blob: 76c891f3def4a0bc1f4e24ef670c8ab6488edade [file] [log] [blame]
.. title:: clang-tidy - bugprone-suspicious-semicolon
Finds most instances of stray semicolons that unexpectedly alter the meaning of
the code. More specifically, it looks for ``if``, ``while``, ``for`` and
``for-range`` statements whose body is a single semicolon, and then analyzes the
context of the code (e.g. indentation) in an attempt to determine whether that
is intentional.
.. code-block:: c++
if (x < y);
Here the body of the ``if`` statement consists of only the semicolon at the end
of the first line, and `x` will be incremented regardless of the condition.
.. code-block:: c++
while ((line = readLine(file)) != NULL);
As a result of this code, `processLine()` will only be called once, when the
``while`` loop with the empty body exits with `line == NULL`. The indentation of
the code indicates the intention of the programmer.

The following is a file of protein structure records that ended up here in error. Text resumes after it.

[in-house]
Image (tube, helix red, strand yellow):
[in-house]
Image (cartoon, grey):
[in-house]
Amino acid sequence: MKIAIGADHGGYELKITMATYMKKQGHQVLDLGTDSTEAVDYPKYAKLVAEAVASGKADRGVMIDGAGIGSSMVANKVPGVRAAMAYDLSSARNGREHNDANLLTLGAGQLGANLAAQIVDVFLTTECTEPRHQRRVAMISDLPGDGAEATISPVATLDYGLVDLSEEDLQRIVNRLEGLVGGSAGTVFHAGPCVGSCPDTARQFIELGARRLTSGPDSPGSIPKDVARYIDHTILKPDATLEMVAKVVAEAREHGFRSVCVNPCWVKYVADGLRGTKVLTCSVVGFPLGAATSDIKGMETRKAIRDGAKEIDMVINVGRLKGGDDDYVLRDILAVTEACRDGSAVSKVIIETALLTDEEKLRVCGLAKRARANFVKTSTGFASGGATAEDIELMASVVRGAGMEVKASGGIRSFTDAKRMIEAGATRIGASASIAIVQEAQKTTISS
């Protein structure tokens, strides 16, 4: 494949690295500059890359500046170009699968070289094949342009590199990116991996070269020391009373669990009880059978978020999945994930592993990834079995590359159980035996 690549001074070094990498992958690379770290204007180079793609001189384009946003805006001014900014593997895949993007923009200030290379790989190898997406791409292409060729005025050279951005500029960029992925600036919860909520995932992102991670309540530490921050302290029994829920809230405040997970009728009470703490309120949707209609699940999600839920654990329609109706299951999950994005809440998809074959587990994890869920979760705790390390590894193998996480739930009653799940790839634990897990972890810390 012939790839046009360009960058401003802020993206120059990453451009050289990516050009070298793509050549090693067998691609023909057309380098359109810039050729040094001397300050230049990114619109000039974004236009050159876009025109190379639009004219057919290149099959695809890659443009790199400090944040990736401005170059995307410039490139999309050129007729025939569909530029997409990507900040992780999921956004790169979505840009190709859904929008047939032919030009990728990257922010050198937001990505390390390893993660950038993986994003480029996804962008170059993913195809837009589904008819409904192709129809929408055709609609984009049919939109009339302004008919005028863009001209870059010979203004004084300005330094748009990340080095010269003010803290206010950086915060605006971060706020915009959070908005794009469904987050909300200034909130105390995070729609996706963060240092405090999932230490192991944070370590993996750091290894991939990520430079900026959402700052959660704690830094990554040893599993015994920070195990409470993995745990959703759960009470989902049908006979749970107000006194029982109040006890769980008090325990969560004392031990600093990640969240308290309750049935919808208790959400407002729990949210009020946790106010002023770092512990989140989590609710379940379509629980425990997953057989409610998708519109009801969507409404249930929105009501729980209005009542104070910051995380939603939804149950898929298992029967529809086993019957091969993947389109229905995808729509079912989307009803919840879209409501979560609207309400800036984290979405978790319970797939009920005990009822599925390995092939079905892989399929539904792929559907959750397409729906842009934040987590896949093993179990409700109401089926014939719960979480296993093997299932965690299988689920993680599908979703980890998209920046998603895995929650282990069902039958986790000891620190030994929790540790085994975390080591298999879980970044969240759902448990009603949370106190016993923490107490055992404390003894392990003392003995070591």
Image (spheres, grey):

.. code-block:: c++
if (x >= y);
x -= y;
While the indentation does not imply any nesting, there is simply no valid
reason to have an `if` statement with an empty body (but it can make sense for
a loop). So this check issues a warning for the code above.
To solve the issue remove the stray semicolon or in case the empty body is
intentional, reflect this using code indentation or put the semicolon in a new
line. For example:
.. code-block:: c++
while (readWhitespace());
Token t = readNextToken();
Here the second line is indented in a way that suggests that it is meant to be
the body of the `while` loop - whose body is in fact empty, because of the
semicolon at the end of the first line.
Either remove the indentation from the second line:
.. code-block:: c++
while (readWhitespace());
Token t = readNextToken();
... or move the semicolon from the end of the first line to a new line:
.. code-block:: c++
while (readWhitespace())
Token t = readNextToken();
In this case the check will assume that you know what you are doing, and will
not raise a warning.